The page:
(EDITOR’S NOTE: This is the second article in a series describing the five and one-half year technology commercialization journey that resulted in the recent announcement that Domtar had taken a major interest in Prisma Renewable Composites.)
By Tom Ballard, Chief Alliance Officer, PYA
Entrepreneurship seems to be in Adam McCall’s DNA.
He started his entrepreneurial career in East Tennessee for a start-up named IdleAire Technologies, starting as their Mechanical Design Engineer and working up the chain to Vice President of Product Development. After six and one-half years at the company, he left the region to help Malibu Boats, the company that had sponsored him as a professional wakeboarder, launch a new brand he later named Axis Wake Research.
“Interestingly enough, when I left IdleAire in 2007, I had recruited my replacement in product development and honestly thought the company was on its way to success,” McCall says. “Little did I know the impending financial crisis was around the corner, which obviously posed a serious challenge to a guy who moved to California to start a new boat brand!”
Laughing, McCall obviously enjoys the curves life throws as he recounts the past. As Managing Director of Axis Wake Research, he helped lead the parent company through a complete restructuring and ultimately became Vice President of Product for the parent corporation.
“We took it (Axis) from an unnamed and completely unknown brand in 2008 to around 15 percent market share by 2013 and took Malibu overall to 33 percent market share,” McCall says. The former was an exceptional accomplishment since the new line of wake boats was launched in the midst of a massive economic downturn that saw significant layoffs across the boating industry.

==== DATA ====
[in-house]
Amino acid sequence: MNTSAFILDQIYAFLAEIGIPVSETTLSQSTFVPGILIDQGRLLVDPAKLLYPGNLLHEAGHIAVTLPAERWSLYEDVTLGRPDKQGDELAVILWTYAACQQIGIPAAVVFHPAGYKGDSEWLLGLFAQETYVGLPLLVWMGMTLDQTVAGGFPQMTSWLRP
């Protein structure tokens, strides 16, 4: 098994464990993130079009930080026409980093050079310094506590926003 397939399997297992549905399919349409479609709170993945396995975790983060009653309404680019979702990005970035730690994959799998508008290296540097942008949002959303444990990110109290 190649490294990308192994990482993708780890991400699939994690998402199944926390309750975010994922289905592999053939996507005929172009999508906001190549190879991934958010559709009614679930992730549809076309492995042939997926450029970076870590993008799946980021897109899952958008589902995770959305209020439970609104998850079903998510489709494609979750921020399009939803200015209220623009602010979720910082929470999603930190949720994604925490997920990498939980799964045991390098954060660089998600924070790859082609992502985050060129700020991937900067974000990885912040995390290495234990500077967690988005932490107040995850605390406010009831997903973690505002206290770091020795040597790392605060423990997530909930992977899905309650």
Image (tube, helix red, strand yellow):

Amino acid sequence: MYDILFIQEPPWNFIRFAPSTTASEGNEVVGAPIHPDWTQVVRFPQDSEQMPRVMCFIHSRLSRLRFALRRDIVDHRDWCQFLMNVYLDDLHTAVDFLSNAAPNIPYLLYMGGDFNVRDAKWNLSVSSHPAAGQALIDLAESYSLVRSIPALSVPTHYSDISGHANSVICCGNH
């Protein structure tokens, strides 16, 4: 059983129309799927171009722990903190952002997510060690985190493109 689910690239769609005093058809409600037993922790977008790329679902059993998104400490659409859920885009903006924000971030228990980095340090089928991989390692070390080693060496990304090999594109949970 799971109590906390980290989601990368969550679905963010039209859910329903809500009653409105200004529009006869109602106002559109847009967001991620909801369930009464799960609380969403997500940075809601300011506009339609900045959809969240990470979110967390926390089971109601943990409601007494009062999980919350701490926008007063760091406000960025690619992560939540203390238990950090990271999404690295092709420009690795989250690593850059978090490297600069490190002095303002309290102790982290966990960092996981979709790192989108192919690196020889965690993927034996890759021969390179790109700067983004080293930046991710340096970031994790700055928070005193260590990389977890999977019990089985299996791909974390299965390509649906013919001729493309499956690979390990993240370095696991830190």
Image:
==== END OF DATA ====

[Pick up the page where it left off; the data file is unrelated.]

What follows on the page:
“I was feeling really good with where things were at by the start of 2013, between our recent launch of the patented SurfGateTM system and the incredibly strong position that the brands (Axis and Malibu) were in,” McCall says, adding that his nature causes him to start looking around for the next challenge when things are going well. “I don’t want to leave a job if things aren’t going well, but I’m a problem solver. “
In looking for the next challenge, McCall says he wanted to get back to that “feel good” type of opportunity that directly benefited the environment. “I didn’t merely want to say ‘well, I recycle, therefore I have done my part’,” he explained. “Instead, I think we have a responsibility to use our innovative brains and teamwork to truly make lasting improvements to the world.”
That skillset and interests aligned nicely when the Blount County native heard about the University of Tennessee’s (UT) Biofuels Initiative.
“I met David,” McCall says in reference to the late David Millhorn, then UT’s Executive Vice President overseeing research initiatives like the biofuels project. “He was a Vietnam veteran coming from a non-privileged background. He was a visionary who did not expect anything to be given to him. He respected the troops he had around him and was not a micromanager.”
The respect was mutual, based on conversations I had with Millhorn. McCall signed-on at the start of 2013 as President and Chief Executive Officer of TennEra, a biotechnology-based company that is a wholly-owned subsidiary of the UT Research Foundation. It was a decision he did not make lightly.
“My departure (from Malibu) went against all sound logic from the people I listened to on a daily basis including the Chair of Malibu,” McCall says. Some of the concerns those individuals posed related to the difference between a private, hard-charging environment and an academic environment.
“None of the advice has proven wrong, but I was convinced the challenge of technology transfer at a university would be a whole new sphere of opportunities,” McCall explained. “The resources found at places like Oak Ridge National Laboratory and UT, from the scientists to the facilities and analytical equipment, were ultimately the only feasible avenue I could see to solving such a massive technological challenge, and that’s what attracted me.”
There was another enticing aspect to the opportunity.
“I was given a blank enough slate and a directive to leverage as much as I could of the prior biofuels initiative investments, but (ultimately) I was expected to fund ‘science projects’ that I believed could result in commercial opportunities,” he added. “If I had been given anymore guidelines, we would have set it up for failure.”
NEXT: It has been a rollercoaster of a ride.